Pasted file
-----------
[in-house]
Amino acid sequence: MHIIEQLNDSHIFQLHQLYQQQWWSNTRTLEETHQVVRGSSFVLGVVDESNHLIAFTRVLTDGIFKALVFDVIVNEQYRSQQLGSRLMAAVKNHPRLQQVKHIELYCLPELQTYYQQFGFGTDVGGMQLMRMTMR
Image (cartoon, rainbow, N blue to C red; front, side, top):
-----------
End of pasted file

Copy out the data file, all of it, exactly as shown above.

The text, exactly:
[in-house]
Amino acid sequence: MHIIEQLNDSHIFQLHQLYQQQWWSNTRTLEETHQVVRGSSFVLGVVDESNHLIAFTRVLTDGIFKALVFDVIVNEQYRSQQLGSRLMAAVKNHPRLQQVKHIELYCLPELQTYYQQFGFGTDVGGMQLMRMTMR
Image (cartoon, rainbow, N blue to C red; front, side, top):